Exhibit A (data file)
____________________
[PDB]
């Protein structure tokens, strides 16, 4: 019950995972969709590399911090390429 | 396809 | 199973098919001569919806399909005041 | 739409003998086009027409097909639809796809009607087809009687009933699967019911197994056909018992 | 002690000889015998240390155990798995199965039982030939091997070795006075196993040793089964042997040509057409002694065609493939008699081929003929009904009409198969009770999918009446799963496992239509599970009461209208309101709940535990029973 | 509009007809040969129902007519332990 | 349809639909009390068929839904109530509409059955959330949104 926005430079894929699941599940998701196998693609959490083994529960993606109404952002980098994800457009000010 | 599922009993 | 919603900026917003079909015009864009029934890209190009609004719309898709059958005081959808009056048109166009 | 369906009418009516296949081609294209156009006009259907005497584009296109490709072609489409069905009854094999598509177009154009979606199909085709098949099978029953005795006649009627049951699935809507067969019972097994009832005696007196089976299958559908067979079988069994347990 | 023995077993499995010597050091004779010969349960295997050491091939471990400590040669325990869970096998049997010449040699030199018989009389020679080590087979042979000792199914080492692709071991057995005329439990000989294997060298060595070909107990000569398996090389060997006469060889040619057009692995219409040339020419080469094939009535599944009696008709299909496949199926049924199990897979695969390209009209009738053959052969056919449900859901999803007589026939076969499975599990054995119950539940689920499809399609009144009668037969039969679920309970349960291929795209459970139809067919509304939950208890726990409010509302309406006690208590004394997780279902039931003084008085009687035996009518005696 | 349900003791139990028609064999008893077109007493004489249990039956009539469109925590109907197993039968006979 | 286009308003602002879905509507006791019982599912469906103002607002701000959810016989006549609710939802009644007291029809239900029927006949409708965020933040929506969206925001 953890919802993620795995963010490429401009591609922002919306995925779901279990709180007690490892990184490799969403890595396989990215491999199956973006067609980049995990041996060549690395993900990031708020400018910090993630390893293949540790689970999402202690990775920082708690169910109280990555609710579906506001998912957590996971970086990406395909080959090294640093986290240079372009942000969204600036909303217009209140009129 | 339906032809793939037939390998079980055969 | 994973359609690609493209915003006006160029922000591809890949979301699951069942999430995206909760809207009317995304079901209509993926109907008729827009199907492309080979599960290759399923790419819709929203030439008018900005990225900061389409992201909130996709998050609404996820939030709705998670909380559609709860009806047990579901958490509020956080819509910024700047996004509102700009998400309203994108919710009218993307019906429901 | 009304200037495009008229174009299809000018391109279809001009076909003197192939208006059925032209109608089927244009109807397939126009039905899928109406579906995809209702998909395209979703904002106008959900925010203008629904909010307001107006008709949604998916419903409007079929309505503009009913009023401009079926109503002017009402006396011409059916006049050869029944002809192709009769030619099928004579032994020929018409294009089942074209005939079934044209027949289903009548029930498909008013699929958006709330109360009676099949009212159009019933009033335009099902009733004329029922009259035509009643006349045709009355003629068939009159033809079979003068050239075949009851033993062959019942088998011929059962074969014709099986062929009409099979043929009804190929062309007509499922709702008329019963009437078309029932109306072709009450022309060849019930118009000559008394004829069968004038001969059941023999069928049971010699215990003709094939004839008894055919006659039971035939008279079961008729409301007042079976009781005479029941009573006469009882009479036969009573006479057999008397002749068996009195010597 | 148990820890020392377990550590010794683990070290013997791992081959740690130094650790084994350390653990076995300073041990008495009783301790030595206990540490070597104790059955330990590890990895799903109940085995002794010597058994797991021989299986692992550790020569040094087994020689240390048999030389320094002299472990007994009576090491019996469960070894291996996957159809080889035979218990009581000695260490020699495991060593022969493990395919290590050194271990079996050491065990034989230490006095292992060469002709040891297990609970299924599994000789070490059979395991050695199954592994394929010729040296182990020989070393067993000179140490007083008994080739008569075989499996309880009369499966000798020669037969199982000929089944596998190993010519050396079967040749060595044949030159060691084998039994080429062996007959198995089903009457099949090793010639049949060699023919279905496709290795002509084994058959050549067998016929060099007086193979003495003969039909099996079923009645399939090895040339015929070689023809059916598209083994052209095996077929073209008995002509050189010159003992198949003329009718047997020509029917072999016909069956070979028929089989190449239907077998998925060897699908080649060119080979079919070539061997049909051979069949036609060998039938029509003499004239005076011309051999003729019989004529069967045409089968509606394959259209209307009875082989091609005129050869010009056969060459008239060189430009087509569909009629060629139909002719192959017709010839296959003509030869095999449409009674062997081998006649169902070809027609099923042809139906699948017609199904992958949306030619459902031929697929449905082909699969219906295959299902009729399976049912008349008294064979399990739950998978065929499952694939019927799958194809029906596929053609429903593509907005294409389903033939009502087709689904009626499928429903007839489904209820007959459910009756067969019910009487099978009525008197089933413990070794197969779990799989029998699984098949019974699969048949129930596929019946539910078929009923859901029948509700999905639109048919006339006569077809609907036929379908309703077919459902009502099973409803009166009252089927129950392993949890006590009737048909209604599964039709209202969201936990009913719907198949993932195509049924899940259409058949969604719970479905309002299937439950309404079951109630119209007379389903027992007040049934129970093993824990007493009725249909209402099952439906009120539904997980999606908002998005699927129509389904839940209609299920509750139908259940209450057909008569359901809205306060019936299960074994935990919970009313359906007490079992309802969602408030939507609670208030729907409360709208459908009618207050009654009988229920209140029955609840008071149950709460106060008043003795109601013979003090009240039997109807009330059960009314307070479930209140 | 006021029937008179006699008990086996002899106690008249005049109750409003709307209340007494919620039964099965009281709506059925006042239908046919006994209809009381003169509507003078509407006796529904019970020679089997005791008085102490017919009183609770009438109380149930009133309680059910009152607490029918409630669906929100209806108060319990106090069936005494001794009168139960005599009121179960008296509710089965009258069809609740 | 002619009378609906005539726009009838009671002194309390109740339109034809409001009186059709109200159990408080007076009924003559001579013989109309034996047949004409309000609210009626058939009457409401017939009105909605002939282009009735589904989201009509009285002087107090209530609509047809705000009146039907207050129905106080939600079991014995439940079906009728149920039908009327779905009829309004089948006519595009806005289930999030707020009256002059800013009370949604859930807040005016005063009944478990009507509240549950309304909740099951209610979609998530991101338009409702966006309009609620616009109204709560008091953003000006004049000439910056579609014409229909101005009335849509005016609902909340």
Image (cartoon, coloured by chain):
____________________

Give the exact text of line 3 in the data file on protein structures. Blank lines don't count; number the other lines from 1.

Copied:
Image (cartoon, coloured by chain):